5D series and the xxd series arguably have dropped a few hundred here or there but sure enough when a new camera is ready to be released everyone speculates how high the new prices will go up, hence people on this forum speculating the 5d m3 will go up due to new technology with some saying it could be a few hundred to 1000 more.  I hope it stays at the current price or drops in price, but that's me wishing for too much.  =)

The 5DIII, will get similar launch price to the 5DII launch price, with small price difference. I think there is a bigger possibility of a small price decrease rather an increase. Exchange rate can effect the price too.

It is true that prices are not decreasing in such a fast rate, but the price decrease are not necessary going to happen gradually. They can occur by model re-positioning such as 60D, or new models such as 5D. Then these lower spec cameras will just continue to improve, such as the 5DII and the future 5DIII. We are expecting the 5DIII to have a better image quality than the old 1DsIII, with good enough AF and FPS. By time maybe the 5D series will get 100% viewfinder, 1Ds weather sealing, and eventually we will end up with a 5D being better than the old 1Ds but with the price of the 5D. I consider this as a price decrease.

Believe me when I say i am holding my breath on such a camera.  I have the funding set aside and while I would prefer to hold off until a 5d 3, if i dont see any camera POSSIBILITY within the next quarter, I may have to get a mark II and unload it when the mark III comes out...
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neuroanatomist

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Re: why????
« Reply #39 on: July 25, 2011, 02:31:43 PM »
It is true that prices are not decreasing in such a fast rate, but the price decrease are not necessary going to happen gradually. They can occur by model re-positioning such as 60D, or new models such as 5D...

That's what I'm getting at.  I'm not proposing we'll see a sub-$1K 1-series or 5D MkVI or the like.  But the original 5D was a paradigm shift - an 'affordable' FF camera.  It's all relative, of course.  At the time of it's release, the typical consumer would not have considered $3200 for a camera as something 'affordable,' but compared to the cost of a 1Ds body, it was downright cheap.  The 5DII is around 1/3 of the cost of the 1DsIII, yet they use the same sensor, albeit an expensive one.  A T2i/550D is around 1/3 the cost of a 7D, again, same sensor.  As technology improves and wafer material and stamping costs are driven downwards, it seems logical for Canon to push out another paradigm shift - an affordable-er FF camera, with a FF sensor in an xxxD-type body.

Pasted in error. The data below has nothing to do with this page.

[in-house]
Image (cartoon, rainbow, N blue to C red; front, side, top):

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Re: why????
« Reply #40 on: July 25, 2011, 03:05:35 PM »
Believe me when I say i am holding my breath on such a camera.  I have the funding set aside and while I would prefer to hold off until a 5d 3, if i dont see any camera POSSIBILITY within the next quarter, I may have to get a mark II and unload it when the mark III comes out...

Since I am not a pro I have the luxury to wait. In your case, you will have to do some gain/loss evaluations by getting the 5DII and sell it later. I doubt we will see a 5DIII in the next quarter, but we might get an announcement. Monitoring Nikon should help us find out more about the 5DIII expectations and release dates. I expect an announcement and maybe even a release of the D700 replacement within this year. But this is just an educated guess, nothing more.

awinphoto

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Re: why????
« Reply #41 on: July 25, 2011, 03:14:18 PM »
Believe me when I say i am holding my breath on such a camera.  I have the funding set aside and while I would prefer to hold off until a 5d 3, if i dont see any camera POSSIBILITY within the next quarter, I may have to get a mark II and unload it when the mark III comes out...

Since I am not a pro I have the luxury to wait. In your case, you will have to do some gain/loss evaluations by getting the 5DII and sell it later. I doubt we will see a 5DIII in the next quarter, but we might get an announcement. Monitoring Nikon should help us find out more about the 5DIII expectations and release dates. I expect an announcement and maybe even a release of the D700 replacement within this year. But this is just an educated guess, nothing more.

I do shoot professionally and as of right now, my 7D is quite serviceable for 99% of all my clients needs right now.  Switching to the 5D would be more of a personal preference because of the full frame sensor and the little bit more ISO/IQ i'd get from such a camera.  In the time being i also have CPS in my back pocket to get loaners of 5d's and 1d's if and when a shoot pops up in which i need that camera... I can wait longer if needed, I just wish canon will "show their cards" soon.